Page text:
New Details About This Disturbing Body Cam Video Of An Arizona Cop Injuring An Autistic Teen Because He Thought He Was On Drugs

Photo: AZ Family
Autistic Teen
Entertainment And News

Just awful.

The family of 14-year-old Connor Leibel is outraged after their autistic son was held to the ground by a police officer who mistakenly believed the teen was on drugs. 

According to the family, Connor had been left alone at a park for "just a few moments," while his caretaker went across the street to visit a local business.

While he was there, Officer David Grossman observed Connor moving his hand to his face in a "manner consistent with inhaling."

He made contact with the teen and asked him what he was going. In his incident report, Grossman stated that Connor appeared to have something in his hand that he held "upright with a closed fist." He also noted that the teen was sweating profusely. 

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In the below body-cam video that the department recently released to the public, you can hear Connor try to explain to Officer Grossman that he was "stimming," which is a behavior known in the autism community as "self-stimulating," which is a repetitive behavior used for someone to calm themselves. 

For Connor, stimming means holding a piece of yarn close to his face. 

After that exchange, the teen turned around and walked away. Officer Grossman grabbed his wrist, and Connor struggled and started to scream. The police officer held he teen on the ground for two minutes before his caretaker returned and explained that he was autistic.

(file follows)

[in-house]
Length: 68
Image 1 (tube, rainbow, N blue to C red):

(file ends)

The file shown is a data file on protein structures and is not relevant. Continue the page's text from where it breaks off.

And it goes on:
The police department is currently standing by Grossman's actions — who they mention is a state certified trainer in drug use recognition — and don't believe he used excessive force, saying they fell to the ground during a struggle. But the family disagrees. 

"This is as clear an example of inadequate training and supervision as you'll ever see," the family said in a statement. 

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"Had an officer received any kind of meaningful training on autism or people with developmental disabilities, he would have known exactly what Connor meant," said Timothy Scott, Connor's attorney. "He couldn't have put it in plainer language precisely what he was doing and yet the officer ended up grabbing him and putting him on the ground."

The family released photos that show Connor's large scrapes on his back and arms as well as a scrape near his eye. 

The incident took place in July, and Connor's lawyer said the teen is still struggling. Scott says the family wants Officer Grossman to apologize, to do community service with the autistic community and training in how to handle situations with autistic people for the entire department. 

If they do that, they'll be flexible in resolving Connor's financial damages. 

"The heartbreaking aspect of this case is that his family has always taught him that he can trust policemen and firemen but now he's terrified of the police," said Scott. "He does make comments still, months later, about 'Are the police going to hurt me?' and 'You're not going to hurt me, you're not the police are you?'"

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Emily Blackwood is an editor at YourTango who covers pop culture, true crime, dating, relationships and everything in between. Every Wednesday at 10:20 p.m. you can ask her any and all questions about self-love, dating, and relationships LIVE on YourTango’s Facebook page. You can follow her on Instagram (@blackw00d) and Twitter (@emztweetz).